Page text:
But getting noticed in that digital maelstrom is like trying to have a civilised chat at a heavy metal gig. And you need to make the right noise. Don’t be noticed for the wrong reasons.
There’s an old Chinese proverb – The empty vessel makes the most noise.
The usual example is a jar of beans. If there are only a few beans in it and you shake it around, it makes a huge racket.
Fill it to the brim with beans, shake it and it’s pretty much silent.
Of course, the point here is that you achieve through quality content – being a full jar – and you get noticed that way, rather than only having a few beans and shaking your jar as loudly as you can.
Sadly, the internet often favours those with few beans and a vigorous shaking arm.
We all have to play in that sandpit. And it can get pretty crappy in there.
While we’re busily filling our jar with beans and trying to make people notice it, all the other people out there will be judging us and our work.
And not everyone will like our stuff and through the unfiltered ease of the internet, they’ll tell us so.
I’m sure you’ve all seen someone immolate their career in a furnace of righteous outrage when they get a bad review, thereby getting noticed by making all the wrong noises. If you haven’t, you will now, because you’ll go looking for it. There’s plenty to choose from. (Edit: There’s a small one right here at The Word.)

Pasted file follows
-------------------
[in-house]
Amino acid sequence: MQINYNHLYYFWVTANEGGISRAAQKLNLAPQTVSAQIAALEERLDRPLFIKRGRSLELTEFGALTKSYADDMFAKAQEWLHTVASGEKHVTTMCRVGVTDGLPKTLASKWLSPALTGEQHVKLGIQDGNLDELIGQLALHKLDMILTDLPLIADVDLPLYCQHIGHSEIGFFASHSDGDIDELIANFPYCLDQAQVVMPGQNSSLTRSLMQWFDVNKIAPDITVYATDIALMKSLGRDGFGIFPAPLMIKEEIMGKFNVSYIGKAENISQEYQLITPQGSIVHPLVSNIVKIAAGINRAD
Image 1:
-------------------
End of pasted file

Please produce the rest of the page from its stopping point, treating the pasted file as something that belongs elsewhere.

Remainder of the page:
And so, when you and your work are judged online:
Here’s a freebie for you. Got a notebook? Write this down. The only response you should ever give to anyone who reviews your work, if you give any response at all, is this:
Thank you very much for taking the time to read and review my work.
That’s it. Nothing else.
If they called you a talentless hack whose work should be used in high school as an example of how not to write, you respond:
Thank you very much for taking the time to read and review my work.
That’s if you respond at all. You don’t have to. You can simply let everyone else do the talking. Of course, if they’re nice to you, you can thank them for that, though again, you don’t have to.
But you must never respond negatively. Never try to defend your work or get drawn into an argument with someone over their review.
It’s their opinion and they’re entitled to it, even if they’re clearly a brain dead slug who wouldn’t recognise quality literature if it rolled them in salt.
Never get caught up in shitfights about opinion.
Engage with social media, use The Presence to draw attention to your stuff, but don’t always and only talk about your work. If you’re constantly on the hard sell, people will quickly tire of your used car salesman persona and ignore you. Talk about all kinds of stuff, engage and interact, but never negatively, and occasionally mention your work among all that.
If you try to present yourself as something you’re not, if you act like a dick, regardless of how good your work might be, people won’t want to work with you or read you.
It’s just like real life. Act online like you would face to face and you’re off to a pretty good start. Unless you actually are a dick, of course. There’s no help for you then.
My philosophy when it comes to social media engagement is four simple points, and I’ll wrap this up with them:
• Be yourself;
• Don’t be a dick;
• Promote the good stuff;
• Ignore the crap and the negative.
Keep working on filling your jar with beans and doing your best to make sure people know about it, without constantly beating them over the cyber-head with it.
Everything else takes care of itself.